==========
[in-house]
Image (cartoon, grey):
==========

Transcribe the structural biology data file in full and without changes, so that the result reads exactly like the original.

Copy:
[in-house]
Image (cartoon, grey):